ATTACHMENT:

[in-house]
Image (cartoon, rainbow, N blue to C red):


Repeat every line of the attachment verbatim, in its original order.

[in-house]
Image (cartoon, rainbow, N blue to C red):